Prometheus, by way of 'The Unconquered,' officially known as Equality 7-2521, guilty of the transgression of preference under mandate of 'toil is good,' furthers the concept of one individual's will versus the subjugation of society under earth by unearthing strange metals and mixed acids while discovering dignity and cleanliness; harnessing a new power of nature, light from the heart of metal, finds himself being whipped and beaten at the palace of corrective detention all-the-while murmuring ' Prometheus, by way of 'The Unconquered,' officially known as Equality 7-2521, guilty of the transgression of preference under mandate of 'toil is good,' furthers the concept of one individual's will versus the subjugation of society under earth by unearthing strange metals and mixed acids while discovering dignity and cleanliness; harnessing a new power of nature, light from the heart of metal, finds himself being whipped and beaten at the palace of corrective detention all-the-while murmuring 'the light, the light,' only to defy the council by breaking out of his containment to then crash the council of the home of scholar learning 'what is not done collectively cannot be good' to then find himself blindly running from the 'damn fools' into the uncharted forest killing, eating, and thinking 'there is great satisfaction to be found in the food that we need and obtain by our own hand' to then completely admire the face staring back at him after bending down to drink, sharing in him damnation with Gaea, by way of 'The Golden One,' also known as Liberty 5-3000, herself too young, yet, for the palace of mating, only to listen to Gaea have a hard time expressing her true emotion in the phrase 'we love you,' finds himself stumbling upon a house probably built by Howard Roark, then falling into the fully stocked library, a transcending transgressor ever searching for the unmentionable word, whereby he then stumbles upon the word 'I,' declaring 'I am not a tool for other men's use, and 'I am not a sacrifice at your alter,' after then hearing 'I love you' proceeds to then conceive a child while deciding that he has a mind and shall live his own truth; teaching to say 'I' and bear the pride of it with the idea that there is but one word, the word that will not die, should all perish in battle, the word that is the heart of the earth, the very meaning of glory, the sacred word: Ego.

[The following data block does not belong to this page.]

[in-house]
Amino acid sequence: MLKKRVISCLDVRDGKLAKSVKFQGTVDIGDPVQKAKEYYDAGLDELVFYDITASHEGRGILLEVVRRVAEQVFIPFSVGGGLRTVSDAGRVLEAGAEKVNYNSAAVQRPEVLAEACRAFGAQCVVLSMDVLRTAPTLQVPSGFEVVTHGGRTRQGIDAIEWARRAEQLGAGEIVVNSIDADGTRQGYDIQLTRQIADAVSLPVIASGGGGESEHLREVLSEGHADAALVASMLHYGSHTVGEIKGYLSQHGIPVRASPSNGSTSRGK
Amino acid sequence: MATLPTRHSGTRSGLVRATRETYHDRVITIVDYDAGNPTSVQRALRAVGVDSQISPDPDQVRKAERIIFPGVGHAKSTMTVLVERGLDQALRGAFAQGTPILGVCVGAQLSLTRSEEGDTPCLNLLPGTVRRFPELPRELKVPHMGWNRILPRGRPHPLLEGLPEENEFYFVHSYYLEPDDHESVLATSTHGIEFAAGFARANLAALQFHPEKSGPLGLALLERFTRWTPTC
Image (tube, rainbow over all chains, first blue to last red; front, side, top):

14. 5 out of 5

    Juanita De

    This review has been hidden because it contains spoilers. To view it, click here. This graphic novel version of Anthem is a quick way to get some clearly stated ideas. I have been reading Rand out of an awe and respect for the strength of spirit and character that brought her out of the USSR and to the US where she was able to accomplish what she claims she set out to do when she was a child. Her writing expands the imagination and understanding of what it may have been like living under Soviet rule and the resulting lack personal identity. Her ideas can express an inspiratio This graphic novel version of Anthem is a quick way to get some clearly stated ideas. I have been reading Rand out of an awe and respect for the strength of spirit and character that brought her out of the USSR and to the US where she was able to accomplish what she claims she set out to do when she was a child. Her writing expands the imagination and understanding of what it may have been like living under Soviet rule and the resulting lack personal identity. Her ideas can express an inspirational human spirit. However, her apparent lack of recognition of how any human accomplishment is built on other previous ones undermines her ideas in Anthem. For example, the protagonist Equality 7-2521 finds an underground bunker and begins stealing from supplies and manuscripts from society and hiding them in the bunker. He finds items in the bunker that he can work with, items left behind by a previous "unmentionable times." After spending 2 years using those items to study and experiment, he discovers electricity and says, "We (I is not used in this society, so each individual refers to the self as "we".) make it. We create it. We alone. Our hands. Our mind. Ours alone and only." Besides Rand's disregard of nature as a player in the whole story, there is absolutely NO recognition by the character or Rand that these "discoveries" were based on causes and conditions beyond the protagonist's control. He was in a place and time and with the spirit and intellect to expand, but seriously, get over yourself! It is that absolute lack of acknowledgment of being part of something bigger than yourself while STILL maintaining an individual spirit and identity that discredits Rand's ideas with me.